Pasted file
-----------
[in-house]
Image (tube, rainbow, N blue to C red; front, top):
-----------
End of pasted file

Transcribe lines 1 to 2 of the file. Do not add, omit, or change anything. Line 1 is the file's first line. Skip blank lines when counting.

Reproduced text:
[in-house]
Image (tube, rainbow, N blue to C red; front, top):